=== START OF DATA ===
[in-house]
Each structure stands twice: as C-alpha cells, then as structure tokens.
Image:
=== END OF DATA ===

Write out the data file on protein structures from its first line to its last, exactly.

[in-house]
Each structure stands twice: as C-alpha cells, then as structure tokens.
Image: